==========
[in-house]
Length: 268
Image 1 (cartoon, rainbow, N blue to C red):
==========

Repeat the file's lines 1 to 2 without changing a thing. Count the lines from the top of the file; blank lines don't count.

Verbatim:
[in-house]
Length: 268